This series starts off really slow, but picks up as it goes along. It wasn’t until episode 3, “About a Girl” that I was actually hooked. The plot centers around Bortus giving birth to a daughter, and Captain Mercer refusing to allow a sex change on a baby to make it male. Though there are a lot of EXCELLENT jokes in this episode (including one about Rudolph the Reindeer and eugenics), I was genuinely surprised at how seriously the writers and cast took the debate of conformity to gender norms and examination of Bortus’ all-male species. It reminded me a lot of the trial episodes from The Next Generation which would tackle similar issues.
There are a lot of homages to all Star Trek TV shows here, though The Next Generation is the most heavily referenced. The full orchestra that provides the music for the series (like in the official Star Trek series) makes for a much more pleasant listening situation than I expected. There’s an Environmental Simulator taking the place of the holodeck (especially well utilized in one of the later episodes), naming schemes used for a lot of the places they visit, techno-babble, uniform design, the seemingly endless parade of actors who appeared in Star Trek, and the time-honored tradition of blowing us the eponymous ship. It even looks like a Star Trek show. MacFarlane has really pulled out all the stops to get some of the best effects, sets, and designs currently on live action TV.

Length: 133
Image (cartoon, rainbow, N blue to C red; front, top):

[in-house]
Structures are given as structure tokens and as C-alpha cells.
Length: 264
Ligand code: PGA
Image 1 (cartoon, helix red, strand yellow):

As far as my problems with this series go, they’re more annoyances than anything else when looking at the show in the context of it being a scifi comedy series. A lot of the characters have moments of immature incompetence which makes me question how they’ve been tolerated long enough to get where they are, for example COMMANDER Grayson trying to get high while on a mission. While the alien designs are actually pretty good, most of the time the actors sound like they’re just doing their own voices instead of playing a character. There are too many references to the 20th/21st centuries pop culture, such as Mercer having a stuffed Kermit the Frog on his desk, though in all fairness that’s something that always bothered me about the official Star Trek series as well. And finally, my biggest complaint is that this is airing now and likely taking viewers away from the actual Star Trek series, Discovery, which is made more complicated by Discovery being incredibly different from previous series while Orville will feel more familiar to those who grew up with the franchise.
The Orville is worth your time even if you’re not a Star Trek fan and definitely worth your time if you are. I think a lot of the negative reviews are due to either a bad impression from the series premiere (which is the weakest episode to date) or critics being tired of Seth MacFarlane. Watch at least through episode 3 before making up your mind, it airs on Fox and you can binge it on Hulu.
Rating: 4/5 ★★★★
Do you think this series is a shameless Star Trek ripoff or a well done homage? Comment below and let me know what you think!